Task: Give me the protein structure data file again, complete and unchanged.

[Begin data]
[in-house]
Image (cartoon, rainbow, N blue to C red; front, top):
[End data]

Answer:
[in-house]
Image (cartoon, rainbow, N blue to C red; front, top):